Sean Bean and Nicola Walker play as much about what people find difficult to articulate as what they find easy to say in ‘Marriage’, a BBC One drama
Marriage – hence the BBC One series – is about communication. Or indeed a lack of it: it’s about both what people can articulate and say with ease, equally fascinated by the silences that stretch between decades-long partners and spontaneous conversations between strangers.
The series centers on Ian (Sean Bean) and Emma (Nicola Walker). As their 27th wedding anniversary approaches, they are both caught in transitions – Ian coping with the twin twists of his mother’s death and being unexpectedly fired, Emma taking on new responsibilities at work. Beyond that, though, the series is relatively loosely structured, not exactly a vignette series, but not exactly plotted either – the marriage is fairly gently woven, from visits to Emma’s father Gerry (James Bolam) to trips to see their daughter Jessica (Chantelle Alle ) with a light note.
The relationship itself is written with real weight and texture, peppered with nice little observations about each character: he swears far less regularly than she does, she will absentmindedly turn off the lights while he’s still in the room. At the grocery store, they amicably argue about which brand of chicken tastes chicken (“We’re getting like those awful old men”), and that brings a real residential quality to the marriage. You can feel habits that have grown over decades, in and next to each other – they don’t seem like isolated characters that have been invented, but as people who have grown over almost three decades and have influenced each other.
Stefan Golaszewski (writer and director of Marriage and creator of Mum and Him & Her) handles the relationship quite adeptly, even beyond these small details; there’s always a sense that the silence between Ian and Emma carries meaning, both the pleasant and the awkward. After an unsuccessful job interview, Ian comes home, rummages around the house until Emma comes back, and lies to her when she does – only a while later he admits the interviewer spent their entire meeting on the phone and they hug in soothing silence. This kind of unspoken communication and implied meaning is a real strength of Marriage, with Golaszewski managing to say a lot even when writing a little.
Still, it’s an actor show first and foremost. Marriage is generally a pretty quiet play, never really prone to moments of big drama (sort of), and Bean and Walker jump right into this bond — both are no strangers to big gigs, but they’re both small in just that here, accentuating Golaszewski’s writing and always in complete harmony with each other. Even if Ian and Emma don’t quite see eye to eye, Bean and Walker always do; Marriage is the kind of show that would live or die based on its cast, for obvious reasons, but Bean and Walker pull off their performances perfectly.
In a way, it feels like a particularly powerful showcase for Walker, as the superficial similarities between Marriage and The Split – both pertaining to long-term relationships, both intrigued by their form and impact – show just how different the choices they make are as a woman meets performers are in everyone. She speaks differently, holds herself differently, expresses pain and joy differently, and comparing the Hannah Stern/Emma Doyle roles shows exactly what it means to have range as an actress. Bean is also notable, of course, an affable man who doesn’t know how to explain how lonely he’s become, desperate to hold on to fleeting connections with service workers who are really just polite.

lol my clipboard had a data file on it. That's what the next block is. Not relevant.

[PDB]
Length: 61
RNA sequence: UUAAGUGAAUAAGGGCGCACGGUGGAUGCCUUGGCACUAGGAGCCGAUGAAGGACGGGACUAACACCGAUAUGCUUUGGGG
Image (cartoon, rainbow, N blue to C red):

Chantelle Alle also deserves special attention, if only because a relatively unknown lead role might otherwise be eclipsed alongside the likes of Bean and Walker – but she’s fantastic, too, both individually and in the scenes she’s starring with Bean and Walker shares. In fact, appearance is everything, with Jessica being both a mirror and a contrast to her parents; Jessica’s gradual examination of her father and reconceptualization of her relationship with him is one of the most touching lines of marriage and ultimately central to her big ideas about communication.
What is striking about Marriage, however, is how much space it gives to its supporting characters – how much time it takes to try to convey to the audience, if no one else, a world beyond Ian and Emma. When Ian goes to his interview, the scene doesn’t start with him – it starts earlier, with his interviewer in a minor car accident, justifiably upset and understandably more interested in her phone than Ian’s resume. Marriage is a series about communication, and part of that is capturing moments of vulnerability when nobody’s looking (few other shows bring so much pathos out of Wi-Fi resets), but it tries to capture the moments when nobody’s there can even be seen. The whole series is rendered with so much sensitivity and there’s something very special about it.
Marriage starts on BBC One at 21:00 on Sunday 14th August, followed by the second episode at the same time on Monday 15th August and all four episodes are available immediately as a box set on iPlayer. I watched all four episodes of Marriage before writing this review; You can read more of ours TV reviews here.